• JeffNo
    • March 10th, 2014 11:07pm

    Nice one.

    Would it be feasible to keep an impostor for each tree from the sun’s P.o.v. and splat ’em into the shadow buffer also? I get that you’d pay a multiple of the fill cost unless you can cull well for each shadow LOD. But it would have helped the visual quality quite a bit, assuming it wouldn’t just reveal the shadow buffer(s)’s resolution(s).

    Do you guys copy to shader-resource-only texture2D’s for the impostors, or do you keep them in the rendered SRV+RT versions? I am curious which way helps with texture cache coherency the most. The access pattern when you copy them out to the real RT is very top-down, so maybe SRV+RT is more favorable.

    Are the artifacts in the clouds due more to the higher-res for a screenshot or to the elevated camera position? I really admire that you have tuned the cloud algorithm so closely to the target application (in terms of your game’s limits on resolution and camera position). That takes real dedication and skill! Reminds me of Doom when it was ported to Windows and had to run at 640×480: When the p.o.v. dropped down to the floor (i.e., when you die, which I did a lot), you’d get these wobbly pixel artifacts. Made me realize how tightly all of Doom’s pipeline was tuned for 320×240.

    Can’t wait for the release of this, guys. I’m a huge fan.

      • JeffNo
      • March 28th, 2014 7:44pm

      I answered my own question and didn’t realize it: The impostors already cast shadows: the buildings are clearly impostors due to their lower resolution, and they cast obvious shadows. The only reason the distant trees don’t cast crisp shadows from their trunks is that the shadow buffer resolution is too low. So this shot shows three examples of you guys expertly tuning the algorithm very tightly to the target resolution. In the real game, at the actual target resolution, neither the impostor resolution nor the shadow buffer resolution, nor the cloud artifacts will be noticeable. Well played! 🙂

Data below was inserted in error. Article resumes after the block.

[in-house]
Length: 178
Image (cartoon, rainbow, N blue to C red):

• Mikko Kallinen
        • April 4th, 2014 10:43am

        We copy the impostor texture data to SRV only textures. Since all the data is static, we’ll probably ship with those textures as data files instead of generating them at load time or something.

        And yes, we do apply The Ancient Chinese Art of Chi-Ting all the time. 😉

    • Dejay Clayton
    • March 22nd, 2014 5:04am

    “Impostors” are more typically known as “billboards” in English graphics nomenclature.

      • JeffNo
      • March 28th, 2014 7:48pm

      Actually, “billboard” merely means a view-aligned quad (for some choice of “view-aligned”). “Impostor” implies a lot more: a cached rendering of the object with periodic re-renderings as some metric of visual quality is exceeded. The impostor objects don’t even have to be quads. Tom Forsyth, who coined the term “impostor”, used cubes as his impostor objects in Startopia. And in his original paper on the subject he clearly calls out “billboard” as a mere implementation choice for an impostor.

    • ZeitgeistDevelopmentTeam
    • March 22nd, 2014 7:39pm

    You can apply an MSAA Effect

    • Domovik
    • March 23rd, 2014 9:41pm

    I wish I knew to do that. What have you studied?